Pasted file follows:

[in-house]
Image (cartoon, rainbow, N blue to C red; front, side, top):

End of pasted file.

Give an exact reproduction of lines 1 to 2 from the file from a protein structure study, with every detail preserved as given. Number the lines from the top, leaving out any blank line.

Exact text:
[in-house]
Image (cartoon, rainbow, N blue to C red; front, side, top):